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Understanding antibiotic resistance
Understanding antibiotic resistance

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1 Disrupting bacterial communication

Bacteria are single-cell organisms. For many years, they were thought to act as individuals and not be influenced by the bacteria around them. However, bacteria can communicate with each other in a process called quorum sensing.

Activity 1 What is quorum sensing?

Timing: Allow about 10 minutes

Watch part of the video at the following link in which Bonnie Bassler from Princeton University describes the discovery of quorum sensing.

The discovery of quorum sensing [Tip: hold Ctrl and click a link to open it in a new tab. (Hide tip)] . Watch from 51:24 until 53:57.

Now answer the following questions, based on the video.

  1. When do the fluorescent bacteria Vibrio fischeri fluoresce (emit light)?

a. 

a) When they detect other bacteria


b. 

b) When they are on their own


c. 

c) Always


d. 

d) Never


The correct answer is a.

Answer

The correct answer is (a) when they detect other bacteria. Vibrio fischeri use quorum sensing to detect the presence of other bacteria and alter their behaviour so that they fluoresce.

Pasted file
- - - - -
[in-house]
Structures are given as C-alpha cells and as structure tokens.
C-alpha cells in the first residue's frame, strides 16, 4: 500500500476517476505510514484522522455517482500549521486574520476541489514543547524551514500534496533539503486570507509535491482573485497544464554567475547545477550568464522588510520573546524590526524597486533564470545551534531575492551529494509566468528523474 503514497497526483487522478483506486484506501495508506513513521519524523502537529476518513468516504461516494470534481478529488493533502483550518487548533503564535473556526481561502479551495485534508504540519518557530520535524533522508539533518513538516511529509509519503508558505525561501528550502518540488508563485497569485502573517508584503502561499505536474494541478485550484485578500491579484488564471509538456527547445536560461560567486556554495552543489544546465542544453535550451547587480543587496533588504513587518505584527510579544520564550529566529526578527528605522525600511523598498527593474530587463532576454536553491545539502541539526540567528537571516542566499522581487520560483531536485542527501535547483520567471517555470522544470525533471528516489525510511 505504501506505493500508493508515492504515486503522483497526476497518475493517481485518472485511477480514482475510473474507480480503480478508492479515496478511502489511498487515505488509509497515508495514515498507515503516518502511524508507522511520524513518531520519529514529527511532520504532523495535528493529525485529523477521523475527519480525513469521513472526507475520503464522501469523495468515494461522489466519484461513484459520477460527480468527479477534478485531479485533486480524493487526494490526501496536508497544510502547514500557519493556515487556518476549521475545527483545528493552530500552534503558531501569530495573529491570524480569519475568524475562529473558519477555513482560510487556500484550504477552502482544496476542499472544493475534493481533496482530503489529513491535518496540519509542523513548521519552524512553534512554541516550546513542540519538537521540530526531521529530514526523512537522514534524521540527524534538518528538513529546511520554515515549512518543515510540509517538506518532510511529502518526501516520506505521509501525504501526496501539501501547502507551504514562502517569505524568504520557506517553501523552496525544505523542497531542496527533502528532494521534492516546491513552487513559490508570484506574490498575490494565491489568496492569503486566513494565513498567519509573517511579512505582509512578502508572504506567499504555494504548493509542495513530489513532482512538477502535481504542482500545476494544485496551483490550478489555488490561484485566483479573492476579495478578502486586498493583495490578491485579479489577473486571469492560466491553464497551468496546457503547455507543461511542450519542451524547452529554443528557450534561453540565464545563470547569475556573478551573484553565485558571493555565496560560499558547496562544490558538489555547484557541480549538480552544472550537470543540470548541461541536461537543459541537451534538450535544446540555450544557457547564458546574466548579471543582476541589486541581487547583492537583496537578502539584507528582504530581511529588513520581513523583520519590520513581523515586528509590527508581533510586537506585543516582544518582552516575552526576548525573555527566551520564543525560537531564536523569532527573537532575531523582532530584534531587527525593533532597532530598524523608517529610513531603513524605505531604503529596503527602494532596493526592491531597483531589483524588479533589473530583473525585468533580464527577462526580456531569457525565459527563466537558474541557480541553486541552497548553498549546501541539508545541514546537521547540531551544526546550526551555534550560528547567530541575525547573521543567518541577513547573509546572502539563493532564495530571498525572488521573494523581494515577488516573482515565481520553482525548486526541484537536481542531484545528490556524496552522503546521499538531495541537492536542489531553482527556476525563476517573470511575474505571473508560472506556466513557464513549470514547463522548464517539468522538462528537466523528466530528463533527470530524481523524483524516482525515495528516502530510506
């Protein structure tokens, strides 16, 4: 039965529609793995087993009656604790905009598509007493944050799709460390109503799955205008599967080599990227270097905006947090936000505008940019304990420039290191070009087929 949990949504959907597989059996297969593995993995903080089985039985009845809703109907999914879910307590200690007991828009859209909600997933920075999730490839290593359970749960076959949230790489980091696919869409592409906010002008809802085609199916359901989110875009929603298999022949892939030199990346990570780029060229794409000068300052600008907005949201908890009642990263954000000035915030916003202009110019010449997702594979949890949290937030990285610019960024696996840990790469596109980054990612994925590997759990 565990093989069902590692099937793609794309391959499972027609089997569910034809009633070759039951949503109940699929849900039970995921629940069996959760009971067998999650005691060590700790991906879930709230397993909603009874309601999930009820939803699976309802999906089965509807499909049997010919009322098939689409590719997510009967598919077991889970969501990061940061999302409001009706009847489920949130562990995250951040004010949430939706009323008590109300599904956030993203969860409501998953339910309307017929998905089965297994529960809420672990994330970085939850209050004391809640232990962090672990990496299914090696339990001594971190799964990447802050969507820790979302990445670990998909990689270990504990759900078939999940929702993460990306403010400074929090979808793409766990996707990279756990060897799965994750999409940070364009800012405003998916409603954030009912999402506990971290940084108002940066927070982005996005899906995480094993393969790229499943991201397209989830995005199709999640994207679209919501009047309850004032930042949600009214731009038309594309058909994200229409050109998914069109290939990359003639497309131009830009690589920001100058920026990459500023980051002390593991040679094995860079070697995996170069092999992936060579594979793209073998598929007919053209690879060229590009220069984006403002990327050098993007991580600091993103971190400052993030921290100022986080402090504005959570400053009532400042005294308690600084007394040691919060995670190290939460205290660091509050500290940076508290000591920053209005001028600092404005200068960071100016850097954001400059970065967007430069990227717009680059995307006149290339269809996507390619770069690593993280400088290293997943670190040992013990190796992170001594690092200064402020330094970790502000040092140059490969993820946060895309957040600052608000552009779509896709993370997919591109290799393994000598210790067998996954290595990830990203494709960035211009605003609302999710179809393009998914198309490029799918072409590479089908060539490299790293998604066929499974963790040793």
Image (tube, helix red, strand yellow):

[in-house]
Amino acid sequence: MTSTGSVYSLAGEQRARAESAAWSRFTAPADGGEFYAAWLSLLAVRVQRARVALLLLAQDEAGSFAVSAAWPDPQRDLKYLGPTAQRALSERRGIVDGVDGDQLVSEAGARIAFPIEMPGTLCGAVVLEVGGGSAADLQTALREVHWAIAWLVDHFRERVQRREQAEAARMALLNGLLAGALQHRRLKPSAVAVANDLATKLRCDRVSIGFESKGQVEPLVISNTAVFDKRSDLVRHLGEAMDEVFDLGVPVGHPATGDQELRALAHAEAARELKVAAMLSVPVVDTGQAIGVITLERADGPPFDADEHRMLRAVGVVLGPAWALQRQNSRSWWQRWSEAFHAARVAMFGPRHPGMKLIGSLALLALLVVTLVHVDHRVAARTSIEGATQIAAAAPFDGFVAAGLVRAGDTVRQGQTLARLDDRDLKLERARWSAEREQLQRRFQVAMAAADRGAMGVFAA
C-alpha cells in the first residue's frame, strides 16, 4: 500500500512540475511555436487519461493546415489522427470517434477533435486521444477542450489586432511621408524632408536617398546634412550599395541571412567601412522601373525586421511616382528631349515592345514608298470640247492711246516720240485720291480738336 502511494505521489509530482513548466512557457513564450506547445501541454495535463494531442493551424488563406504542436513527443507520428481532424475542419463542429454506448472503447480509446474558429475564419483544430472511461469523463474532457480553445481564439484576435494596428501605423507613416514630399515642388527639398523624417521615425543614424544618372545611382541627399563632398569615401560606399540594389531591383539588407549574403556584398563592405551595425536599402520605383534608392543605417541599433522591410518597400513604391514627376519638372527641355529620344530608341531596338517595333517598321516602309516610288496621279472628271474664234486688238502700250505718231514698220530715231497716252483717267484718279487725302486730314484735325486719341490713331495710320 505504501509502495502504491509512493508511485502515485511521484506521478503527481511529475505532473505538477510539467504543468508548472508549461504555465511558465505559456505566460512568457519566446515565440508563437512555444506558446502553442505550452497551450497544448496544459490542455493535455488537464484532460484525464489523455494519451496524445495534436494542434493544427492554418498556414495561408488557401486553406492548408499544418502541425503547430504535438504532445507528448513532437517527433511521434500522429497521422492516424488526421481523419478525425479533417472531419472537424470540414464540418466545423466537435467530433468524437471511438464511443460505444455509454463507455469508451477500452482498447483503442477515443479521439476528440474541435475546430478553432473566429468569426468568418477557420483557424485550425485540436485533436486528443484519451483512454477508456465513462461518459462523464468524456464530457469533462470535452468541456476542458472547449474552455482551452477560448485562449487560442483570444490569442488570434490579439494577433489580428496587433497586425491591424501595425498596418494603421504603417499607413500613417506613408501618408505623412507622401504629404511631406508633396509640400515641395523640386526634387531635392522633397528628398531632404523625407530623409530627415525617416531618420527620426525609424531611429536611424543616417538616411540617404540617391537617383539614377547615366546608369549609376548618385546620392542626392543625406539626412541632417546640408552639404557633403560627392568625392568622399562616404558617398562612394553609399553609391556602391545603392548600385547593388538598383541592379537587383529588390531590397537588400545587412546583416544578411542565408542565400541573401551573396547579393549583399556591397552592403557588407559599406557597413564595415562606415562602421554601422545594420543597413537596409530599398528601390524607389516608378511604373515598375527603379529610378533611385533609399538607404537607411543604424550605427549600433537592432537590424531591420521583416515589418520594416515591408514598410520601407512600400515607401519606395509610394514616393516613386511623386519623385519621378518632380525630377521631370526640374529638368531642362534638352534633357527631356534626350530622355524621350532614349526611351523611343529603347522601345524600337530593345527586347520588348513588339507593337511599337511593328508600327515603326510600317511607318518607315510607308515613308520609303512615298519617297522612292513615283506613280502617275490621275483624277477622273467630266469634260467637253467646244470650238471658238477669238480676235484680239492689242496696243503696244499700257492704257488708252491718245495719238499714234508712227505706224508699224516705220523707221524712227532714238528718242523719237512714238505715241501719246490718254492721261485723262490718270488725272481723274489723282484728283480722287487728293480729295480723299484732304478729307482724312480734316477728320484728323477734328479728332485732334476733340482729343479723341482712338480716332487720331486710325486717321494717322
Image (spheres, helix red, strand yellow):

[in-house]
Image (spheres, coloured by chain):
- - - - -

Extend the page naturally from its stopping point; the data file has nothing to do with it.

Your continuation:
1. How do the bacteria detect the presence of other bacteria?

a. 

a) Using chemical messengers


b. 

b) By touching each other


c. 

c) Both of the above


The correct answer is a.

Answer

The correct answer is (a) chemical messengers. Bacteria release chemical messengers that build up as the number of bacteria increases. Above a critical level, receptors on the surface of bacteria detect the chemical messenger and change their behaviour.

  1. Which of the following statements about quorum sensing are true?

a. 

(a) Quorum sensing is the mechanism that bacteria use to communicate.


b. 

(b) Quorum sensing allows bacteria to synchronise changes in their behaviour.


c. 

(c) Quorum sensing allows bacteria to detect the presence of other bacteria.


d. 

(d) All of the above


The correct answer is d.

Answer

The correct answer is (d) all of the above. Quorum sensing is the process by which bacteria use chemical messengers to detect and communicate with other bacteria, in order to synchronise changes in their behaviour.

As you saw in Activity 1, bacteria release chemical messengers which can be used to detect the presence of other bacteria. When the number of bacteria reaches a critical level, these chemical messengers cause bacteria to alter their behaviour (Figure 2).

A schematic diagram illustrating quorum sensing.
Figure 2 During quorum sensing, chemical messengers are produced and detected by bacteria. (a) When the number of bacteria (in blue) is low, levels of chemical messenger (red triangles) are low. (b) When the number of bacteria (in green) reaches a critical level, the high levels of chemical messenger (red triangles) are detected by other bacteria, causing them to alter their behaviour.